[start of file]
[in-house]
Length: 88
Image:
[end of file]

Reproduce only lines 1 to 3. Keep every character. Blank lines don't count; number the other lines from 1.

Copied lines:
[in-house]
Length: 88
Image: